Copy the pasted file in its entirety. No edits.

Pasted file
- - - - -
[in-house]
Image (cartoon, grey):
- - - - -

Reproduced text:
[in-house]
Image (cartoon, grey):